ATV friends and foes face off

Imagine a hockey match in which there are no lines on the ice, no team jerseys, and no way for the referee to punish players who break the rules.

Imagine a hockey match in which there are no lines on the ice, no team jerseys, and no way for the referee to punish players who break the rules.

Is the result a chaotic mess, or an example of how people can get along without coercion?

Your answer will probably say something about your political views. It may also be a good indication of where you stand on the debate underway as to whether, and in what way, the territory ought to regulate all-terrain vehicle use.

About 80 Yukoners attended a meeting in the Westmark Inn on Wednesday night to share their views to an all-party committee that’s investigating the thorny subject.

Vern Peters offered the hockey match analogy. He’s one of the founders of the Trails Only Yukon Association, which is calling on the territory to introduce restrictions that would require ATVs to stay on certain trails, and off fragile alpine meadows and wetlands.

In Peters’ mind, the hockey match would get ugly quick without repercussions for breaking the rules. Likewise, ATV users need to know where they’re permitted to go, and where’s off limits.

But another pressure group, the Yukon Offroad Riders Association, frames things differently. As they see it, ATV riders get a bad reputation from a few goons who wouldn’t follow new rules. They support the idea of banning people from cutting new trails, but they generally favour education over legislation.

Bruce Henry brought it back to hockey. He grew up playing pond hockey with no jerseys, no lines and no refs.

“I played lots of it. And there were no fights.”

Likewise, he differs from Peters on his views on ATV use.

In his view, if there’s one camp of Yukoners who behave in an uncivilized fashion, it’s the hikers and skiers who express frustration at passing bikes, quads and snowmobiles.

Once, Henry was snowmobiling down a trail and slowed to pass a skier. The skier swung a pole at him.

Henry is also dismayed with how residents near Mary Lake have hung a “no motorized vehicles” sign along trails on public land. “It’s not their land. It’s not their trail.”

A few others grumbled about their freedoms being trodden on. The most impassioned plea against overzealous regulation was by Darryl Tait, who scooted up to the microphone in his wheelchair.

He was paralyzed in October of 2009, when he failed to complete a backflip on his snowmobile at a competition and the machine crashed down on him, breaking his back.

He still loves to snowmobile. Hiking is obviously not a choice. “I don’t really have that option any more.”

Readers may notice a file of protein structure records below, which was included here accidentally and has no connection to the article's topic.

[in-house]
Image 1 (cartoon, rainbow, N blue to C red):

Snowmobiling remains “a huge part of my life now,” said Tait. “It makes a world of a difference for me.

“If that’s taken away, I may as well be down in Vancouver.”

Jim Sias warned against imposing Outside ideas in the Yukon. “This whole thing seems silly to me. We’re not in BC. We’re not in Alberta.”

Restrictions will be tough to enforce, he warned, using rhetoric borrowed from the gun-control debate. “It’s a bunch of unenforceable legislation that’ll make law-abiding hunters into criminals.”

He’s ridden past caribou and other critters. “They don’t run away. They just get used to it.”

And the few yahoos who give riders a bad name won’t follow new regulations, he warned.

But most of those who spoke wanted regulations in some form. “Education’s fine, but it’s not the whole story because there are people who don’t learn,” said Gord Bradshaw.

Freedoms are already curtailed, noted Dave Loeks. “I don’t have the freedom to grab my chainsaw and cut down trees on public land.”

Naturally enough, nobody at the meeting admitted to scarring the landscape with an ATV or snowmobile, noted Paul Dueling. He made a tongue-in-cheek proposal: any new law should “include Martians, to prevent them from coming down and ruining our country.”

Dueling has seen firsthand the damage done by ATVs to sensitive alpine meadows over the past 30 years. Each year he sees new ugly ruts on the land.

“That lasts for decades. It’s a legacy for my kids and grandkids. I think they deserve better.”

Dueling doesn’t see why enforcement is seen as such a big problem. Hunters are asked to report on one another if they see the rules being broken. The same should hold for riders, he said.

Keeping things as they stand isn’t an option, said Bill Klassen, a former wildlife manager. He noted how sheep populations around Whitehorse are tumbling, prompting the introduction of permit hunts.

Those declines have been blamed, in part, on the intrusion of motorized vehicles, which not only make it far easier to shoot sheep, but also frighten the animals, causing stress that lowers their reproductive rates.

Nor is damage to the landscape always obvious, said Tim Mervyn. “Often the tracks you leave behind don’t appear for a year or two.”

In Whitehorse’s city limits, mud ruts and reckless riding could be curbed if bylaw officers stepped up enforcement, said Colin Horsnell.

As a child, he had to push his dirtbike to the trailhead or run the risk of being chased down by bylaw. Today, he sees youth riding all-terrain vehicles with impunity in areas that are supposed to be off-limits.

“We have to enforce what we’ve got,” he said.

The all-party committee will report back to the legislature this spring.

Contact John Thompson at

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